All this illustrates how difficult translation can be and that we should be careful with too easily saying that one Bible translation is literal and the other is not. It is a matter of degrees.4 The overriding concern should be for accuracy and clarity. All translation involves interpretation. Happily, the NASB, NIV, and NKJV all share conservative presuppositions and the translation decisions that are made are usually acceptable.
This does not however exclude the fact that every translation has weaknesses and remains the work of human beings. This is also true of the NIV. There are instances in the NIV where a more literal translation would have been quite clear and thus preferable. For example, in Job 31:1, the NIV has “look lustfully at” a girl, whereas the NASB has “gaze at” and the NKJV “look upon.” The Hebrew in question indicates “to give careful attention to.” The NIV “lustfully,” although justifiable from the context, is not necessary and should have been left out to retain the ambiguity of the original. Where a translation that is as literal as possible is clear for the understanding, there is no need to “improve” on the original. Another example: In John 21:5, the NIV has “friends” while the Greek indicates a child. Now the NIV rendering can be justified by noting that when Christ so addresses his disciples he does not focus on their age, but on the affection and endearment he has for them. 5 Yet it would have been better, in my opinion, to render “children.” Indeed, the NIV’s translation here is surprising because it is inconsistent. Elsewhere, where adults are addressed with a Greek term meaning “child,” the NIV renders “children” (1 John 2:13, 18, 28; 3:7).
On the other hand, the NIV greatly enhances our understanding of the original by not always translating in a slavishly literal way. An example is the NIV rendering of 1 Corinthians 4:9. Let us first read the passage. The NIV version follows that of the NASB in order to allow for easy comparison. Words that translate the same Greek words are coded similarly. 6
NASB: For, I think, God has exhibited us apostles last of all, as men condemned to death; because we have become a spectacle to the world, both to angels and to men.
NIV: For it seems to me that God has put us apostles on display at the end of the procession, like men condemned to die in the arena. We have been made a spectacle to the whole universe, to angels as well as to men.
If one compares the coded passages, the differences are obvious. The NIV explains the meaning of the Greek by supplying words not specifically mentioned in the original so that the modern reader can know immediately what the flavour of the Greek vocabulary is. Now one has to be very careful with this sort of rendering so that one does not to go beyond what is in the original passage. But, given our distance from the world of the New Testament, if a Bible translation wants to protect itself against possible misunderstanding, it has little choice but to give some explanation in the translation. Now in the case at hand, there is to our knowledge no argument about the correctness of the NIV’s rendition. Indeed, a procession and arena are in view here and the Greek vocabulary indicates that. 7 One cannot know that from the NASB and NKJV. Only those who know the Greek language well will know the connotations associated with the vocabulary used, connotations which the NIV brings out in its translation. This makes the translation more accurate and prevents to some degree at least the creation of wrong impressions as to the meaning of the text. Technically no additional meaning is really added. The NIV is thus to be commended for this. Its great clarity is a great asset to the faithful transmission of this part of the Word. 8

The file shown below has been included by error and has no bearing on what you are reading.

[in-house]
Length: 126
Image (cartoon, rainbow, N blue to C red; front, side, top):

Another example – in this case one in which the original allows for more room for interpretation – is 1 John 5:18. The NIV renders the first part of this passage: “We know that anyone born of God does not continue to sin.” Where the NIV translated “does not continue to sin,” the NASB simply renders the negative with the verb “sins.” (Similarly 1 John 3:6, 9). From a grammatical point of view it is difficult to say that the one is right and the other is wrong. The NIV rendering is consistent with a long standing Reformed interpretation of this passage, but those who think that believers never fall into sin again and hold to a form of perfectionism will disagree with this rendering. 9
Many more examples could be given,10 but we must come to a conclusion. The Committee that recommended the NIV to Synod Abbotsford noted in its report that, when compared with the NASB and the NKJV, the NIV;
is simply the finest translation when all the criteria and the relative importance of the different factors are taken into consideration. Furthermore, this translation takes all of Scripture into account and is true to the Word of God.
The clarity and readability of the NIV may spark a renewed interest in personal Bible reading and study among young and old and stimulate anew the exploring the treasures of God’s Word. It is somehow difficult to imagine the English of the NASB and NKJV sparking that kind of response.